Claudia Emerson

Claudia Emerson
Claudia Emerson's four books, Pharaoh, Pharaoh, Pinion: An Elegy, Late Wife, and Figure Studies, are all from LSU Press. Late Wife won the 2006 Pulitzer Prize for poetry. Emerson has been awarded fellowships from the NEA, the Virginia Commission for the Arts, and a Witter Bynner fellowship. She is a Professor of English at the University Mary Washington, in Fredericksburg, Virginia.


My cousin liked to dangle me upside down
by the ankles, my aunt's crossed in thick disapproval

at eye level, the world gone wrong, blood fallen
in a dizzy rush to my ears until, almost

made afraid, I heard his familiar laughter  
as though from some sealed depth beneath me.

Until he is called up,
Vietnam is sound

broadcast: the voice of evening
news a televised census

of the dead, the rising number
bodiless, somehow, nameless

narcosis of fact. Or it
is still, in black and white:

water buffalo, the sullen
work of drowned fields;

a monk sitting cross-legged
in placid meditation

of the self as fire, eyes
and mouth closed-calm part of it.

The doll arrived at Christmastime, halfway
through my cousin's first tour of duty,

addressed to me, the narrow cardboard box
decorated with delicate chrysanthemums,

her face visible beneath a pale caul
of tissue paper. I lifted her out,

delighted with her strangeness, her red dress
of real silk slit at the sides to the hip,

her conical grass hat. But I could imagine
no part for her in the plots of my other dolls,

no dream house or car, no man. She was sewn
tight into her only dress, her form,

a full grown woman's, rigid inside it, posture
strict, unbending, her gaze untranslatable.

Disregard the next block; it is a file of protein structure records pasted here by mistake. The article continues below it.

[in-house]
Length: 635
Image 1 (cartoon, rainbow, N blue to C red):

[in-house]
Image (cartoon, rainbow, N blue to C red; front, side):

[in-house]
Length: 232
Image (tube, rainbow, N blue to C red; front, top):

She had travelled across the ocean in the belly
of a plane, in dark storage with letters, packages,

those flagged caskets. She was not dead, I decided,
but made blind, and with no way to tell it,

no tongue in her mouth, her body hollow, soundless.

And then it is children
running toward me, the faint,

rain-shimmering shadows before them
stunted, those of early

afternoon, and a girl, naked,
the scorched disfigurement

of her back unseen, inescapable
as what had been the road

behind her, its vanishing point
consumed inside an earthbound

cloud, her scream—seared
aperture to something

the image cannot document.

The small box of ashes neatly buried,
my cousin would drive me home

from my father's funeral, that mile
the only conversation I would be able

to recall between the two of us alone,
his summer visits for years brief and shallow—

the distance easy to blame. He would be
matter of fact, telling me about

the agent orange he'd breathed, believed revenant
in a tumor, the cancer in his throat—

its remission. Not a day had passed
when he hadn't smelled it, tasted it—

the it slender and exact as a compass needle—
he would say as though to the road ahead,

or suddenly blind to it, his eyes, tongue, throat,
his voice I would hear burning with

a knowing beyond memory—wordless,
imageless—the body's own account.